HONG KONG — Hong Kong retail sales growth slowed in May, pointing to increased caution on the part of mainland Chinese tourists.
Retail revenues in the month rose 8.8 percent against May 2011, when they increased 27.8 percent versus May 2010, according to Hong Kong’s Census and Statistics Department.
Total retail sales in May were provisionally estimated at 36 billion Hong Kong dollars, or $4.64 billion at average exchange, up 0.8 percent against April’s revised total of 35.7 billion Hong Kong dollars, or $4.6 billion.
Government figures also show that retail sales in the first five months of this year gained 13.5 percent, while during the same prior-year period they increased 24.9 percent.
Concerns about decelerating economic growth have already slowed consumer spending in China, although the number of mainland visitors to Hong Kong remained strong — up 14.8 percent to 18.7 million between January and May versus the comparable prior-year period.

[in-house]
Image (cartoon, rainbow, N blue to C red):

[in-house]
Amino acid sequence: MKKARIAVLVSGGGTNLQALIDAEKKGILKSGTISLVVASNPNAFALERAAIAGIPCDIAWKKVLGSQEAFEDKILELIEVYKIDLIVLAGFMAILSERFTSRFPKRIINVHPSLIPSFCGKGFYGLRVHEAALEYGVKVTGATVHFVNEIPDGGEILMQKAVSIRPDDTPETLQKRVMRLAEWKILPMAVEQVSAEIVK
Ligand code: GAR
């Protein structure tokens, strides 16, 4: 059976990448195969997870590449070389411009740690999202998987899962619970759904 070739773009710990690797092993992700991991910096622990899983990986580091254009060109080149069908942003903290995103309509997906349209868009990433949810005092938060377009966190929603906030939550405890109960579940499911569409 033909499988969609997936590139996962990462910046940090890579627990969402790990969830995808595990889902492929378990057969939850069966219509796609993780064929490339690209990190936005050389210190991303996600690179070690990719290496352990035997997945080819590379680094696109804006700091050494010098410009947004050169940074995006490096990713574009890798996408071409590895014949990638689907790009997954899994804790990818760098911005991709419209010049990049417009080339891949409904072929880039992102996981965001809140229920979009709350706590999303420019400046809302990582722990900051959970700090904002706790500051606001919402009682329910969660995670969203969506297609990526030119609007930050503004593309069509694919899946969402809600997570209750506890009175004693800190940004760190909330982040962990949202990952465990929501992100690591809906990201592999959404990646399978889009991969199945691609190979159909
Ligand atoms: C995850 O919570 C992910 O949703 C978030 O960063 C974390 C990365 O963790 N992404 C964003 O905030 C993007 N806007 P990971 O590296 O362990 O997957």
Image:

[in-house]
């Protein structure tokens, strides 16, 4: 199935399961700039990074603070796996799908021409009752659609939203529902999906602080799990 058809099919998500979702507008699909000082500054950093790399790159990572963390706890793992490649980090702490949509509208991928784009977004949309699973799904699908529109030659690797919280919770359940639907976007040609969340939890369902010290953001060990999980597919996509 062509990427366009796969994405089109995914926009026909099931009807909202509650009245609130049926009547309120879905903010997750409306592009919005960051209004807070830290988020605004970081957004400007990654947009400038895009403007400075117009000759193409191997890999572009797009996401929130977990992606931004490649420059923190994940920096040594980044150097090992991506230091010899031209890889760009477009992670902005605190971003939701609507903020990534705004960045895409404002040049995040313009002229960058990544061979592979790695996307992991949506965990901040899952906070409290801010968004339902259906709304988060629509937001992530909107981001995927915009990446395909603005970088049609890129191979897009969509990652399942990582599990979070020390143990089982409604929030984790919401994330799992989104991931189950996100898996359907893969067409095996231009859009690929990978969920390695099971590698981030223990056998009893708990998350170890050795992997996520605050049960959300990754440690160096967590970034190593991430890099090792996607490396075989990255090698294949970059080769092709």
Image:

The Hong Kong Retail Management Association noted revenues in almost all sectors either declined or slowed, particularly those relying on mainlanders, such as beauty and cosmetics, personal and health care, catering, food and department stores.
The watch and jewelry category saw a particularly strong slowdown, especially for big-ticket items.
The Census and Statistics Department said that despite the difficult external environment, local consumer demand and tourist spending were still fairly resilient. Job market conditions and inbound tourism should continue to support Hong Kong’s retail business, a spokesman said, although uncertainty regarding the European debt crisis could weigh on consumer sentiment.